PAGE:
- I am now the girl who “gets up early to run”, even on holidays that fall on weekdays, even on weekends, and this is something I do almost always, not only sometimes. I am really a morning person after all, because I like to spend time with myself before the day becomes dominated by anyone else’s needs. The kind of running I do is fast. It is fast and short because I have fun when I sprint. I’m totally fine not earning a distance sticker like, “13.1” or “26.2” for my car. I run dashes of 25, 50, 100 yards over and over. I don’t pace myself. All of this repetitive goal accomplishment is a very strong way to start my day.
- I have an intense interest in story, film, theater and books. These hours are some of my favorite spent. It’s a satisfying use of my time and actually is food for my spirit.
- I also interpret what happens in my life through Story. I have the power over the story I tell. Stories reveal beliefs, reinforce feelings, and trigger emotions. This means feeling shitty is optional. When I feel shitty, it’s time to change the story.
- Feelings are chemicals. Chemicals can get out of whack for lots of reasons. When they are off-kilter, it’s better if I identify why, rather than stroke or simmer the feeling stew bubbling on the stove. I can avoid bad chemical reactions by understanding recipes and by following instructions, by turning down the heat or by remembering what works and what does not.
- The worst part of depression and generalized anxiety is how physically ill it can make a body, and how often it’s only diagnosed in retrospect. Those physical symptoms are real and current Medicine is devoted to the expensive exploration of symptoms.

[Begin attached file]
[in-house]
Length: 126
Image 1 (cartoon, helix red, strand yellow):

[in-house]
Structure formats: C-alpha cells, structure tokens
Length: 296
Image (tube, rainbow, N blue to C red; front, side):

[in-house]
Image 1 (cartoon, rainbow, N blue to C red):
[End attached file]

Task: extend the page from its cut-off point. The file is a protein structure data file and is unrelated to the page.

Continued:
- Busyness is an instrument of avoidance. A depressed, stressed person wielding that weapon will push people away because it is too hard to allow them to come close. This is counter-productive to health but it does not seem so at the time. I’m very grateful to my loved ones who were there waiting when I learned I could put the weapon down and come back to them.
- Guilty people blame others. Anytime there is blame, there is guilt that is being projected, dumped, vented, and used as a shield. Blame is a waving blood red flag signalling something lies beneath. The source of the guilt and shame may have nothing to at all with the person being blamed. Blame is not the same thing as responsibility. Shame destroys relationships and creates impotence. Defensive people have been blamed a lot; they may have had to contain so much misplaced shame that they reverberate, shake, or become brittle and crack, like once pliant rubber that dries and crumbles in the hot summer sun. I have been part of all the above.
- Here’s the thing about PTSD: the trauma is in the past, the symptoms are happening now. It doesn’t matter how long ago it happened; time is almost irrelevant. In the brain, experiences link to experiences, they connect and compound and sometimes smaller traumas attach onto larger ones, much the same way a garbage pile accumulates mass. Left to rot, trauma will eat away entire sections of the soul. Surface platitudes are as effective as swatting flies. Trauma must be cleared out and away before anything living can grow in its place.
- Knowing what you want is a stone foundation. Don’t try to build on anything else. Decisions are the walls of the house; the occupants and furnishings are the consequences from choices made. It has taken a lot of work but I now remember what I want, who I want, and why. If I’m having a hard time making a decision, it’s probably because I don’t know what I really want, and that is probably because I haven’t given myself room, space, time, or food to think. As a child I was very definite in what I thought and wanted and my needs were very basic. I need to listen to her more.